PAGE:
In Asia Pacific regions, the annual contract value (ACV) of the SaaS market accelerated by 37% in 2021. The COVID-19 pandemic serves as a catalyst in boosting the remote operations of enterprises that constantly seek for virtualization and cloud technologies to navigate better in the work-from-home setting.
The Singapore-based AI-driven tech company Advance Intelligence Group is a parent company overseeing three business units covering 14 markets. The company raised over USD 400 million in Series D round financing led by Softbank Vision Fund 2 and Warburg Pincus last year and reached a valuation of more than USD 2 billion. With buyout firms such as Chinese venture capital firms Vision Plus Capital and Gaorong Capital also among its investors, the company has actively expanded its blueprint across the world and become one of the largest independent technology startups based in Singapore.
The Chief Operating Officer of Ginee, Valen Fan, indicated that among these units, Ginee is an e-commerce merchant services technology platform in the Southeast Asia regions such as Indonesia, Philippines, Thailand, Malaysia, and other markets such as mainland China. Since its early launch in early 2020, Ginee has supported over 115,000 businesses with USD 2.5 billion in gross merchandise value total. For example, Ginee provides a SaaS ERP system to help with day-to-day operations and customer relationship management.
"We entered pretty early in the Southeast Asia market and quickly integrate with more intense e-commerce marketplaces. We are very competitive and able to process 250 million orders in the last two years," said Fan.
Moreover, the company provides a unique chat function in the marketplace while merchants can handle businesses in one system. Six months ago, the company launched the smart Warehouse Management Software (WMS) system as part of the distribution collaborative management solutions.
The company also has partnered with many well-known e-commerce companies by adopting business-to-business propositions, such as JD.ID, TikTok Shopping, Shopify, blibli.com, and Shopee. Ginee also has an app system that optimizes the omnichannel experience for enterprises in relation to operations such as order sales and multiplatform digital apps. In Asia Pacific regions, Fan explained that these SaaS solutions have been popularized during an unprecedented time.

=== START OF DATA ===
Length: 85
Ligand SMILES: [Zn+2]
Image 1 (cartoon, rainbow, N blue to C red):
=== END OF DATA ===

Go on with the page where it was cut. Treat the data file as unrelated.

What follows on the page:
"I think in the past two years, COVID-19 has been the biggest accelerator when merchants started to do online businesses. There are many marketplaces in Southeast Asia, and it is difficult for merchants to manage various platforms at once," said Fan.
With the benefits of synergizing with other subsidiaries under Advance Intelligence Group, Ginee is capable of leveraging shared AI and machine learning technology on a larger scale. The company has built a B2B aggregation platform for China's cross-border merchants called Ginee-Juling which is relatively similar to Ginee service in the global market. With prospective expansion plans, Fan unveiled that Ginee plans to expand the business into Latin America and China. While having a unique standing of promoting Chinese companies in cross-border business to the Southeast Asia market, Fan explained that Ginee has a different focus than other Chinese SaaS providers and remains relatively competitive in the market.
"Even though we already have Ginee-Juling in China, the market is still one of the largest targets in our expansion plan for the next two years. We believe that merchants are already encountering existing challenges besides omnichannel management, such as offline business, customers, warehouse, and accounting. These common problems exist even before the pandemic," said Fan.
Fan further disclosed that the cloud-based infrastructure in terms of ERP systems and SaaS technology will have a significant growth impact in the next five years. Merchants are constantly looking for smart solutions to navigate an optimized business landscape and reduce bookkeeping redundancies in inventory, warehouse, and other sorts of management.